Army gives green light to shape vehicle electrification requirements

Christel Deskins

The directorate will begin drafting a requirements document for Tactical and Combat Vehicle Electrification (TaCVE) and will host an industry day Oct. 20 to share its electrification initiatives with industry. CALSTART, an organization that focuses on clean technology transportation, and the Ground Vehicles Systems Center will cohost the event. The […]

The directorate will begin drafting a requirements document for Tactical and Combat Vehicle Electrification (TaCVE) and will host an industry day Oct. 20 to share its electrification initiatives with industry.

CALSTART, an organization that focuses on clean technology transportation, and the Ground Vehicles Systems Center will cohost the event.

The electrification effort aims to decrease the Army’s reliance on fossil fuels. “The requirement also aims to increase operational reach across all maneuver formations through electric propulsion, which offers a variety of operational and tactical benefits,” a statement from the directorate read.

The Army launched an earnest effort into electrifying the brigade earlier this spring.

Lt. Gen. Eric Wesley, then-director of the Futures and Concepts Center within AFC, told Defense News at the time that the effort is easier said than done and doesn’t just just focus on simply powering a vehicle electrically. Instead, it would attempt to work out how an entire enterprise that would support those electric vehicle fleets and other capabilities could work.

“Let’s be clear. We’re behind. We’re late to meet on this thing,” Wesley said. “If you look at all of the analysis, all of the various nations that we work with, they’re all going to electric power with their automotive fleet, and right now, although we do [science and technology] and we’ve got some research and development going on and we can build prototypes, in terms of a transition plan, we are not there.”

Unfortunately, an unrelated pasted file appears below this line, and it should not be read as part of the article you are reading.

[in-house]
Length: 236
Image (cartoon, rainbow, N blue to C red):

Army officials know there will likely be a time where vehicles that use fossil fuel and ones that are all-electric share the battlefield. “What is the distribution plan that enables that?” Wesley wondered. “That is much more complex when you look at the implications for an entire enterprise.”

Wesley was preparing a proposal for the head of Futures Command on how the service might accomplish such an endeavor that could change the paradigm of the logistics and sustainment tails as well as enhance force mobility.

The proposal was intended to make a business case for the Army electrifying the formation, discuss the technical feasibility and describe a transition process.

The MCDID requirements development process gives the overall effort traction to move out quickly.

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